Film Scouts Diaries

2004 Karlovy Vary Film Festival Diaries
Diary 6: Wrap-Up

by Henri Béhar

KARLOVY VARY, Czech Republic, July 11 - It's wrap up time, therefore, frustration time. Frustration at not being able to see as many films as one might have wanted (but with 235 films shown in 10 days, who could?). Frustration, because it's easier to structure one's filmgoing around the competition, at skipping entire sections: Horizons, Another View, East of the West, the Tribute to Armenian director Sergei Paradjanov (The Colour of Pomegranates), Variety Critics' Choice (a collection of European films chosen by the critics of the premier trade magazine), the Ten Best Turkish Films section, the Focus on Catalan Cinema (five films), the Dance for the Cinema sidebar (six films), as well as the two newly restored films from various European film archives: Black Sky (Spain,1951) and Merry-Go-Round (Hungary,1955).

But that's a song oft heard when it comes to festivals, might as well not dwell on it.

Some short thoughts on the awards that were given this Saturday night during a ceremony whose main guests were actor John Cleese (in town for the closing night film, Shrek 2) and director Roman Polanski (who starts shooting Oliver Twist this Monday at Prague's Barrandov Studios)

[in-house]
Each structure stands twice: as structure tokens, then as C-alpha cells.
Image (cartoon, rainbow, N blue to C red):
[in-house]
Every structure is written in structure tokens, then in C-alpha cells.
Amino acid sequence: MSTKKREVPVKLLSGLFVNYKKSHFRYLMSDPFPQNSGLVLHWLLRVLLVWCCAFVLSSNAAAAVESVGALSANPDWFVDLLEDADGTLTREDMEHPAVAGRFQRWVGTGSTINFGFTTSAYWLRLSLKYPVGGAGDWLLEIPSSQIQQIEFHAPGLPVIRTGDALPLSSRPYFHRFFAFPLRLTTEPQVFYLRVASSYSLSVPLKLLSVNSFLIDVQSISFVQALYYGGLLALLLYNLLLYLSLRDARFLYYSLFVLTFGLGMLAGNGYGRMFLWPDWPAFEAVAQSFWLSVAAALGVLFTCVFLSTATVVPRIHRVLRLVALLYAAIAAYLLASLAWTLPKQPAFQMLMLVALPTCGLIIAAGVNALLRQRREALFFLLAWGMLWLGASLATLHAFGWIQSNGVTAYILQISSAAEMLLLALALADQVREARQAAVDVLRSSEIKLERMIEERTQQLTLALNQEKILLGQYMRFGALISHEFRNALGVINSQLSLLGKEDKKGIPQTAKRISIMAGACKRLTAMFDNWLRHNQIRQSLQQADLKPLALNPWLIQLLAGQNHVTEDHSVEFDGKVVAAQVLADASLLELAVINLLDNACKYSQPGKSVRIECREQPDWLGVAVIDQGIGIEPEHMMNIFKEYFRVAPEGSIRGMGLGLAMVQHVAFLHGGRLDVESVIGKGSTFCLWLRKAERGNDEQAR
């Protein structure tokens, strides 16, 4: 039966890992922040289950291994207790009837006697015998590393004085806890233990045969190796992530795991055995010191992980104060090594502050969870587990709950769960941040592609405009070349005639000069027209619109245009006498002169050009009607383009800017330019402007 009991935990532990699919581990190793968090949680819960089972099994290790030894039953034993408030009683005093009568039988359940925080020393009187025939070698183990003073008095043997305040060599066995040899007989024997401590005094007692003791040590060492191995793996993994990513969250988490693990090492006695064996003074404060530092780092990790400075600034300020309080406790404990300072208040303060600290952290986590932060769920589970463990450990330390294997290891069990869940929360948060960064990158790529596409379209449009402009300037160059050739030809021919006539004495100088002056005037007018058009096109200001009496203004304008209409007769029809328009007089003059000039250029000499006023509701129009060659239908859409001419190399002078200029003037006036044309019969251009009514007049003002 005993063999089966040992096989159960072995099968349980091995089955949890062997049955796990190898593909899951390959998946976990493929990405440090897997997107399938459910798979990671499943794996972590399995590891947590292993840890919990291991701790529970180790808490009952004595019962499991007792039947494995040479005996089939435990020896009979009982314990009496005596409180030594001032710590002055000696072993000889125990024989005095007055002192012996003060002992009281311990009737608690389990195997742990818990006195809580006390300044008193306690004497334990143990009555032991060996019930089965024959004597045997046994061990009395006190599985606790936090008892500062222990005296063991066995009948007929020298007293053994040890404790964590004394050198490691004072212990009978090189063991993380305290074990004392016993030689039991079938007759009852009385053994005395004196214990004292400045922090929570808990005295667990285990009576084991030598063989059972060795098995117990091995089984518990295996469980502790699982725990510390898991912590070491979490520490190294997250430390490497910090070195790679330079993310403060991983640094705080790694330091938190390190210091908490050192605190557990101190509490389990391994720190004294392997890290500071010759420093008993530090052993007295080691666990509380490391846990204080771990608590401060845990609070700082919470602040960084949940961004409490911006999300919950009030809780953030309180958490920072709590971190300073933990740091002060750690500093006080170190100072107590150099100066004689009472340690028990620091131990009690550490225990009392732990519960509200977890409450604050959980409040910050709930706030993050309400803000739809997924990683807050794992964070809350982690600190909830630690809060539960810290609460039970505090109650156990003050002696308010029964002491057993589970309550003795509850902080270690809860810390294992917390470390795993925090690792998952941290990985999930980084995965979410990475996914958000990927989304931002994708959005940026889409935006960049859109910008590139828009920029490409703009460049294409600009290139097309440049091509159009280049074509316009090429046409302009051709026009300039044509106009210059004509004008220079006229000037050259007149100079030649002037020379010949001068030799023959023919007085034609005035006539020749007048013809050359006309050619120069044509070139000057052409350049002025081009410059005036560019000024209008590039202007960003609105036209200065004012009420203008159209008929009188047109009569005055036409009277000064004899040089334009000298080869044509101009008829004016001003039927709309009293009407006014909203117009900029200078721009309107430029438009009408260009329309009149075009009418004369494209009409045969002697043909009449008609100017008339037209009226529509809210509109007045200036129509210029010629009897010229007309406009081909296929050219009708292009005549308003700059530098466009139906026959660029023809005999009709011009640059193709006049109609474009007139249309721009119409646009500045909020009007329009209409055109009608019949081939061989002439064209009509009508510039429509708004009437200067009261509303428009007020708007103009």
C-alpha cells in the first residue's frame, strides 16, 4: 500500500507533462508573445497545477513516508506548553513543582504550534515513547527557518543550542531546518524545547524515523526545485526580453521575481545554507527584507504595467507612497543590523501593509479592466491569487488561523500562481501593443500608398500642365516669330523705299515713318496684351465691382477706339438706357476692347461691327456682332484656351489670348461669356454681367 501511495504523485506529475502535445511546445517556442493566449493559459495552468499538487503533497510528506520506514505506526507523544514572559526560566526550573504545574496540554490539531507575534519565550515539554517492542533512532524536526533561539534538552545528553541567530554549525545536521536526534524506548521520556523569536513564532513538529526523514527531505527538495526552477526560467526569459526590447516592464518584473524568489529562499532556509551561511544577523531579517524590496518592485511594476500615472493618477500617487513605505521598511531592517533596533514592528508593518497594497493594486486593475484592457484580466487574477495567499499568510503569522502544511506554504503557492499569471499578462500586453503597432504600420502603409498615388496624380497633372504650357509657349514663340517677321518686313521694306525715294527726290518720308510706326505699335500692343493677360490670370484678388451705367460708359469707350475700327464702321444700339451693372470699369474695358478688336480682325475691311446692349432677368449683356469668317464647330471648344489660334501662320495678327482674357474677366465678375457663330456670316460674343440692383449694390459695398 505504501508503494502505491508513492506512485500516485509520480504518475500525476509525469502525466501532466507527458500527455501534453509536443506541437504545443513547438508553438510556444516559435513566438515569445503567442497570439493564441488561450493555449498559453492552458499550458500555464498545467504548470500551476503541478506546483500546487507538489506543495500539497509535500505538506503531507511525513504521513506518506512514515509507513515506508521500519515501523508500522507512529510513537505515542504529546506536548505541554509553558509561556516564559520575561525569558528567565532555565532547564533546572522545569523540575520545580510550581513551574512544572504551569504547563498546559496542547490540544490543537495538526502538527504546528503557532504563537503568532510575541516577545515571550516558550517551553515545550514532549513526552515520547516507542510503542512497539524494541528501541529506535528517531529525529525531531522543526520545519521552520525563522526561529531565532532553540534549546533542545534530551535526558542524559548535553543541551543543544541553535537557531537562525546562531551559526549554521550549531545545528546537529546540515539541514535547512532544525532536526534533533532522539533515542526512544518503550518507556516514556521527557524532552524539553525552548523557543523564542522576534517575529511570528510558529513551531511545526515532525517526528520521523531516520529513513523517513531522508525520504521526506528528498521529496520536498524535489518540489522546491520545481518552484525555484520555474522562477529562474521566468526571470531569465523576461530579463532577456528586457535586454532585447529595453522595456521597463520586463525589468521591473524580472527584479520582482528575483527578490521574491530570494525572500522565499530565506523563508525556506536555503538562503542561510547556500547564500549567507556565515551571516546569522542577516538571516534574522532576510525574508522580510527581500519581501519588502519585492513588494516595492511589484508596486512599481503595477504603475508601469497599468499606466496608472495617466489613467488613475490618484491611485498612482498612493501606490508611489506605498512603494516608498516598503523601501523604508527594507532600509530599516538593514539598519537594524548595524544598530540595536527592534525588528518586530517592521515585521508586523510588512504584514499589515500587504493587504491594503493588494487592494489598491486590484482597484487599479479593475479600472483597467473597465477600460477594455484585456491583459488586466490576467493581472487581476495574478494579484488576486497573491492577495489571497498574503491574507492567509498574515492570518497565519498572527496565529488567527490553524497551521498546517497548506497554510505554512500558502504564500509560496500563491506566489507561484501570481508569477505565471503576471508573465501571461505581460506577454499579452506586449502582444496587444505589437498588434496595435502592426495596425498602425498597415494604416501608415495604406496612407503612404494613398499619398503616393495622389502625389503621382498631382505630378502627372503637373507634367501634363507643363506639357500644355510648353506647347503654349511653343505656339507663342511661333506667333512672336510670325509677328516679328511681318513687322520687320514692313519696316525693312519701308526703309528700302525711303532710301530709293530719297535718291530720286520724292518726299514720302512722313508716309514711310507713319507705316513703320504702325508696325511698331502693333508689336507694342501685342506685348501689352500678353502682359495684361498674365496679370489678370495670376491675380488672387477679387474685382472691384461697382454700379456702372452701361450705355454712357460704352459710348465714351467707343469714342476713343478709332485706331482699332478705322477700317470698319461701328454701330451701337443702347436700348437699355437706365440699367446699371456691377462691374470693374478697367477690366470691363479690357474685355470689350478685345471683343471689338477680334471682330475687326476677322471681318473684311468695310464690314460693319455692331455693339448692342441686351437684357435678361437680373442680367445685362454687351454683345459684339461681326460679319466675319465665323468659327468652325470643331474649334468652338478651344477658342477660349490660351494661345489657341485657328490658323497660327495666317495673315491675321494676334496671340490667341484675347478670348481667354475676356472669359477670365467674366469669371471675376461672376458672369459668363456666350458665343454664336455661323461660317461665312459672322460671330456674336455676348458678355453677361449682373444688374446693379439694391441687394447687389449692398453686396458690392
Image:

Most of those that followed the competition were pretty happy about the awards (see box)- with one minor quibble. Although one cannot fault Karen-Lise Mynster's performance in Paprika Steen's Aftermath (Denmark), her character was far from being the lead, and therefore, it should not have been put in the same category as that of Marta Larralde in León y Olvido. One wishes the main jury had managed to create a Best Supporting Performance special award.

That said, there is no doubt A Children's Story (the Crystal Globe Grand Prix) and Leon and Olvido (Best Director and Best Actress) will have a stronger impact than one suspects on their potential audiences, although neither will be an easy sell. There is also no doubt that Napola's young lead, Max Reimelt (Best Actor) is destined to have a brilliant career - unless Hollywood chews him up (yes, his English is that good) and turns him into the next Heath Ledger (yes, he is that good-looking).

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